A Bible Study by Jack Kelley @ gracethrufaith.com
“If you confess with your mouth Jesus is Lord and believe in your heart God raised Him from the dead you will be saved” (Rom 10:9).
We’ve all confessed (give assent to or acknowledge) with our mouths that Jesus is Lord and understand its importance to our salvation, but what about the “believe in your heart” portion of the verse?
In Romans 10:10 Paul goes on to say that it’s with our heart that we believe and are justified. The Greek word translated justify is from dikaios, which means to be innocent or holy. The King James translates this word believe unto righteousness meaning that our belief in the resurrection is what brings us our righteousness, allowing God to regard us as though we’re innocent of any sin and therefore holy.
The notion of a bodily resurrection is as old as the Bible itself. It’s contained in what is arguably the earliest written book of the Bible.
“I know that my Redeemer lives, and that in the end He will stand upon the earth. And after my skin has been destroyed, yet in my flesh I will see God; I myself will see Him with my own eyes—I, and not another. How my heart yearns within me!” (Job 19:25-27)
King David knew he would see his newly deceased infant son again (2 Sam 12:22-23) and both Isaiah 26:20-21 and Daniel 12:2 promise a bodily resurrection at the end of the age.
The Church in Corinth had difficulty understanding this, so in 1 Cor. 15 Paul devoted a whole chapter to their questions about resurrection going as far as to state, “If Christ has not been raised, your faith is futile, you are still in your sins.” (1 Cor 15:7)
Yet today, many who call themselves Christian still don’t believe it. Liberal theology does not require belief in a bodily resurrection, and even among Evangelicals, it’s sometimes spiritualized away. We know that if we believe the Bible we are required to believe in a bodily resurrection, but do we know why it’s required?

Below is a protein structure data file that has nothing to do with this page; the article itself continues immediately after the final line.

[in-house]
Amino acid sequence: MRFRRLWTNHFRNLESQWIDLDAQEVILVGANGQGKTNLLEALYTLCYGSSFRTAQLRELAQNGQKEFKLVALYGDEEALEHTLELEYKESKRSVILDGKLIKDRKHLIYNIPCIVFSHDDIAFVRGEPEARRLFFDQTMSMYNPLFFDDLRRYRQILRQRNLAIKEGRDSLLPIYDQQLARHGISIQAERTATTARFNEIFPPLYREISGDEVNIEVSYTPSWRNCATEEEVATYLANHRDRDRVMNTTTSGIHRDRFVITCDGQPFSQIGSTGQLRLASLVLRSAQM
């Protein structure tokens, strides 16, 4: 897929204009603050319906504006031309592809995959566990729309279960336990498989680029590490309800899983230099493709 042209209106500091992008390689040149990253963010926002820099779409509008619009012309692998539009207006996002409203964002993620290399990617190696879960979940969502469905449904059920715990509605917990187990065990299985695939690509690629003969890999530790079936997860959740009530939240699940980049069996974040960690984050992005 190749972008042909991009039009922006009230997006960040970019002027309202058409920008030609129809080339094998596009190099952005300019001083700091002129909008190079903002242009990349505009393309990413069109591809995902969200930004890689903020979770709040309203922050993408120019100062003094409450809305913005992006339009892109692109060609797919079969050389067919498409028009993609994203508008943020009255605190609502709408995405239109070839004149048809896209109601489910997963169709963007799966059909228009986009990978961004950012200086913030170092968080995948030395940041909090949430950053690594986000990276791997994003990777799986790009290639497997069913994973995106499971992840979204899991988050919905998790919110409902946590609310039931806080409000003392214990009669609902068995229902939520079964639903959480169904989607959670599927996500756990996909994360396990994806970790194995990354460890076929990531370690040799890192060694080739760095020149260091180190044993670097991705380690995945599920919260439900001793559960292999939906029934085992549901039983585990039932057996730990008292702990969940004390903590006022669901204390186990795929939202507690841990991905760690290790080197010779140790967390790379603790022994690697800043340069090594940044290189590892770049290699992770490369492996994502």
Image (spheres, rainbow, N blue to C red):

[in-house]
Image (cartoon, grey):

There’s More Here Than Meets the Eye
John the Baptist introduced Jesus as the Lamb of God Who takes away the sins of world (John 1:29), not just the sins of the Jews or even of those Jews and Gentiles present at the time, but the sins of the world. Every violation of God’s law that ever had been or ever would be committed was to be dealt with. Of course, this didn’t mean the world would no longer be a sinful place, or that everyone would be saved, but that the penalty for the sins of the world would be borne by the Lamb of God for the benefit of all who chose to accept it. Here’s how it happened.
In Roman crucifixions, a sign was posted above the head of the one being executed, listing the broken laws for which his life was being taken. It was meant as a deterrent for those watching the public executions. In Jesus’ case, the sign said “Jesus of Nazareth, King of the Jews” indicating His crime against Rome was treason. In Col 2:13-14 we’re told that in the spiritual realm another sign was also posted. It listed all the sins that mankind ever had or ever would commit. It explained why His life was really being taken.
When you were dead in your sins and in the uncircumcision of your sinful nature, God made you alive with Christ. He forgave us all our sins, having canceled the written code, with its regulations, that was against us and that stood opposed to us; He took it away, nailing it to the cross (Col 2:13-14).
Notice it says He forgave us all our sins. Not just the ones we committed before we were saved, and not just the ones we commit by accident. He forgave all of our sins, even those we commit willfully and repeatedly.